Why use a Water Softener?
For people who have lived in the city or other parts of the country all their lives, the idea of a water softener may be foreign. Rural living in Central Ohio, however, is marked by hard water. Not only are people seeking reprieve from hard water showers and orange commodes—they also invest in a water softener to protect their pipes and appliances. Hard water creates mineral build up on everything from water heaters to washers and dishwashers, shortening their life span. Water softeners, one of the most common water treatment systems, are often installed to address this problem.
What is hard water?
Hard water is the common term for water that contains enough mineral to affect articles with which it comes in contact. One of the most common evidences of this is a white film on dishes clean out of the dishwasher, on sinks, and washers. Often soap does not suds much, and an invisible film covers skin after showering, leaving it dry and itchy. This mineral residue is not always white—it may be orange, red, or black.
How does a water softener work?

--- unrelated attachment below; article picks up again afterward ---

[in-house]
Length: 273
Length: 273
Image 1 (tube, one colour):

There are two explanations as to how a water softener works—one is the scientific one that chemists use, complete with little plus signs. The other is this simplified version: A softener has at least one resin tank that is filled with resin beads through which incoming water passes. As the water filters through these resin beads, they attract the hard minerals in the water, and the minerals stick to the resin while the water continues to flow through the softener to the water outlet. After a set amount of water has flowed through the mineral beads (the amount is determined by water hardness, the model of the softener, etc.), a “backwash” occurs. This is where the salt comes in. “Brine”—or salt water from the salt tank, flushes the media removing the mineral build up stuck to the resin beads thus preparing the resin to soften more water.